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In the summer of 1919, 22-year-old Fitzgerald broke up with the girl he had been ...
In the summer of 1919, 22-year-old Fitzgerald broke up with the girl he had been courting, Zelda Sayre. After being drunk for much of the summer he returned to St. Paul, Minnesota, where his family lived, to complete the novel, hoping that if he became a successful novelist he could win Zelda back. While at Princeton, Fitzgerald had written an unpublished novel called The Romantic Egotist and ultimately 80 pages of the typescript of this earlier work ended up in This Side of Paradise.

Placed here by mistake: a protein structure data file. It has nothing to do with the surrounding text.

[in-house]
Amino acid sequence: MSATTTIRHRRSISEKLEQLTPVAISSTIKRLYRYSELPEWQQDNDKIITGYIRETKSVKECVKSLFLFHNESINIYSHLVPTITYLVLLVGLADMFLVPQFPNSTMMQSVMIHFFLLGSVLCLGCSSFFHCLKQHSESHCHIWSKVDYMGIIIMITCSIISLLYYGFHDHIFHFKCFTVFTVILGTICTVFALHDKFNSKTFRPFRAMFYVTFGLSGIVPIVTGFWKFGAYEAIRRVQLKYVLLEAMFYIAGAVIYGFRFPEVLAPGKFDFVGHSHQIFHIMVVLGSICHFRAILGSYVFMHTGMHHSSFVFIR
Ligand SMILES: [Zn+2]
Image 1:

On September 4, 1919, Fitzgerald gave the manuscript to a friend to deliver to Maxwell Perkins, an editor at Charles Scribner's Sons in New York. The book was nearly rejected by the editors at Scribners, but Perkins insisted, and on September 16 it was officially accepted. Fitzgerald begged for early publication-convinced that he would become a celebrity and impress Zelda-but was told that the novel would have to wait until the spring. Nevertheless, upon the acceptance of his novel for publication he went and visited Zelda and they resumed their courtship. His success imminent, she agreed to marry him. (Wikipedia)